WASHINGTON (AP) – A reality TV host at heart, President Donald Trump is promised the “show of a lifetime” for the hundreds of thousands of revellers who flock to the National Mall every year on the Fourth of July.
The tanks are in place for the display of military muscle and protesters are ready to make their voices heard.
It’s been nearly seven decades since a president spoke there on Independence Day.
The US was at war in Korea when Harry Truman addressed a large gathering on the Washington Monument grounds, marking the 175th anniversary of the signing of the Declaration of Independence.
He’s calling his event a “Salute to America,” honouring the armed forces, and he’ll speak at the Lincoln Memorial in front of a ticket-only, VIP crowd of Republican donors, administration and campaign officials, family members and those who flock to see him or protest what they see as a divisive intrusion on a traditionally unifying national holiday.
Trump sounded a defensive note on Wednesday, tweeting that cost “will be very little compared to what it is worth.”
“We own the planes, we have the pilots, the airport is right next door (Andrews), all we need is the fuel,” he said, referring to Maryland’s Joint Base Andrews, home for some of the planes that flew over the Mall yesterday.
“We own the tanks and all. Fireworks are donated by two of the greats.”
Trump glossed over the expense of shipping tanks and fighting vehicles to Washington by rail and guarding them for several days, and other costs.
Some of the president’s supporters welcomed Trump’s stamp on the holiday.
Rachel McKenna, a Trump supporter from McKinney, Texas, said her relatives have served in the military and she thought it was important to say “’We love you guys, we appreciate everything you do, and I love the fact I can see that,” as she pointed to the Bradley fighting vehicle positioned near the Lincoln Memorial.
“I’ve never ever seen one,” she said. “I just think it’s so cool.”
Under White House direction, the Pentagon arranged for an Air Force B-2 stealth bomber and other warplanes to conduct flyovers.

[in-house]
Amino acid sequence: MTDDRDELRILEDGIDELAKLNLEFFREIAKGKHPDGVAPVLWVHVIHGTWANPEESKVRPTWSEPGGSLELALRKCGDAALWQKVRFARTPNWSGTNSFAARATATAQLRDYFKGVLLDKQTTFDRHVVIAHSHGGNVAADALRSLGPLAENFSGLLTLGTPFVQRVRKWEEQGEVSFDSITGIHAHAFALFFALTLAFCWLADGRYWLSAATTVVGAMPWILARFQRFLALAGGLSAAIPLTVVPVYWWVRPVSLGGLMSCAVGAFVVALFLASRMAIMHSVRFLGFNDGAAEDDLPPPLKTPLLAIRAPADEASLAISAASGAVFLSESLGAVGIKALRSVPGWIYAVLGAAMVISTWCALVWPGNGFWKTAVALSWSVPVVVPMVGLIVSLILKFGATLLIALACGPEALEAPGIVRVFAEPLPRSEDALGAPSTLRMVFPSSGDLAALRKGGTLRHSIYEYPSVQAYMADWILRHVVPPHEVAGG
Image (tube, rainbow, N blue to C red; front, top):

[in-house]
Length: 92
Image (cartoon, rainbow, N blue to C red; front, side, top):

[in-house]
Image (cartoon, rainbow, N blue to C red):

There were Navy F-35 and F-18 fighter jets, the Navy Blue Angels aerobatics team, Army and Coast Guard helicopters and Marine V-22 Ospreys.
The White House referred questions about the cost of the military participation to the Pentagon, which said it did not have the answer.
The Air Force said it costs USD122,311 an hour to fly a B-2 bomber, which is making the round trip from its home at Whiteman Air Force Base in Missouri. Officials said the flight will be considered a training event, with the cost already budgeted. The per-hour flying cost of the F-22 fighter is USD65,128.
Two Bradley fighting vehicles were in place on Wednesday at the Lincoln Memorial, where Trump spoke.
In addition, two 60-ton Army Abrams battle tanks were sent to Washington by rail to be positioned on or near the National Mall, to the dismay of District of Columbia officials.
The presidential Air Force One and Marine One aircraft are also slated to make aerial appearances.
Kevin Donahue, District of Columbia deputy mayor for public safety, told The Associated Press the city expects the federal government to pay for any damage to streets or bridges from moving the tanks. Civil engineers will assess roads and bridges after July 4 to determine if there’s been damage.
Donahue said the city doesn’t have the jurisdiction to reject the use of tanks and other heavy equipment.
In a separate tweet on Wednesday, Trump promised the Lincoln Memorial programme “will be the show of a lifetime!”
White House officials have stressed that Trump’s remarks will be patriotic, but the president often finds it difficult to stay on any kind of script.
But Tracie Lenihan of Spokane, Washington, an independent, said she didn’t understand why military equipment is part of the festivities. “I think it cost a lot of money and I’m not sure what it really has to do with the Fourth of July,” she said. “I don’t hate it. I’m just confused.”
Medea Benjamin, co-founder of the Codepink anti-war group, said use of the Bradley fighting vehicles reflected the “politicisation of July Fourth and the militarisation of July Fourth and we resent this.”
“We want it to be a holiday where people are having their picnics and they’re watching their fireworks and it’s all peaceful and united,” she said.
Instead, her group fielded a balloon depicting Trump as an angry, diaper-clad baby. But because of flight restrictions, officials would not let the group pump it with helium to make it fly higher and be more visible.